So that the rest of us don't have to do so
Here I go again....On the subject of perception, Militarybrat is right, it isn’t ALL about perception, but it starts with it. We are powerful, but let ourselves be seen as weak, for various reasons, some not all bad. Our first inclination, in the 20th century at least, has not been to invade, attack, colonize, or otherwise destroy some one else’s status quo. We seemed to enjoy the gentle giant image we saw ourselves with, not realizing that others saw it as weakness, out of ignorance or delusion. This benign neutrality stance has cost the lives of countless millions who are not like “us�?, meaning don’t live here, don’t look like us, whatever. WWII, as fought, had a lot to do with a perception of weakness compounded by real military deficiency in the late 1930’s.
What the enemies of humanity on two sides of the world missed was our character and resources. Korean War again revealed an apparent soft underbelly, plus an amazing misconception of our own about China and the character of China...in particular China’s historic millennium old paranoia about conflict near or crossing its borders. IMO...had we not crossed the Yalu, had we left 50 miles south of the Yalu River of buffer for the beaten and retreated North Koreans, they would have starved, China would not have felt threatened because that War would have been over. Even great Generals make mistakes, besides crossing the Yalu, splitting an Army in two unconnected bodies on two sides of a rugged mountain chain wasn’t brilliant. Add in the presumption that nobody could sneak down your flank up in those mountains, and you have the recipe for disaster. About 300,000 Chinese troops did just that, then enveloping from the heights took us by surprise. The Allies, in general messed up S.E. Asia by restoring colonialism. The French just before their last battle at Dien Bien Phu presumed no little dinky people could get artillery up the mountains surrounding the plain. The little dinky people took the cannons apart, strapped the pieces to their backs and to bicycles and dragged them to the tops, assembled them and the battle began, with French strong points on a plain under plunging artillery fire from the hill tops. The rest is painful history, and to the credit of the troops there, most fought bravely until 10,000 were captured. Among the bravest was the 6th BCP (Battalion, Colonial Parachute), as noted by their enemy, who did respect bravery. We then began our painful time there. By then the news world had advanced video graphically into our living rooms, we no longer got our news huddled around shortwave radios or in news reels between movies at the local cinema (yeah, I am that old to remember both). It made a difference we took a long time to recognize.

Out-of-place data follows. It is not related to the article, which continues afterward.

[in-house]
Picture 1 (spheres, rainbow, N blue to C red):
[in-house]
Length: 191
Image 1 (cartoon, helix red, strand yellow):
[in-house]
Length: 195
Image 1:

When I enlisted in 1968 we could “witness�? about 500 body bags a week coming home. Like all mothers, mine too was crying as I got on the bus for the airport and trip to Fort Knox with the rest of the FNG’s. I live 5 minutes from Windsor, Canada, I had a choice, and chance to escape. No one I know ever suggested I take it. Never occurred to me. Fact is, we were young men, and we thought we might be able to do something good, as young men do. Now I am an old man, and I know we can. Tet had occurred, and failed, however, we were unprepared for the political response to the carnage, joined at the time by the largest civil rights revolution we had seen for 100 years. We again turned inward, the vocal minority, on the expanded publicity stage, even calling our troops cowards, the 101st, the 1st Cav, the 82nd, the 173 Abn Bde, the 1st ID, the 4th ID, 25th ID, the 9th MID, 3rd Marines, 1st Marines, 2nd Bde ROK Marines, 5th SF Grp, et al cowards? No one who served near them would ever say that. I did not see much of Vietnam, but I saw enough of it to know that those infantry troops were never cowards. I was never in infantry, got no special awards, and didn’t deserve them, but those men got too few. Again today, we see that the “Queen of Battle�? is still the infantry, just as in the game of Chess. Machines mow, men clean up. Combined Arms is the means to victory, “grunts�? are the means to establish the peace. I worked on tanks and combat tracked vehicles, the infantry and cavalry fought in them. It took all of us.